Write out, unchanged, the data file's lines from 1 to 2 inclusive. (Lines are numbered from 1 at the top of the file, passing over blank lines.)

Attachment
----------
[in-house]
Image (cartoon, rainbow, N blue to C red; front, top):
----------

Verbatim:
[in-house]
Image (cartoon, rainbow, N blue to C red; front, top):